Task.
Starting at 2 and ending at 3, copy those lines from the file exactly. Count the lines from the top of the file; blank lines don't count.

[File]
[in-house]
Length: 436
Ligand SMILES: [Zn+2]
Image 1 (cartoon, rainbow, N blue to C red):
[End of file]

Length: 436
Ligand SMILES: [Zn+2]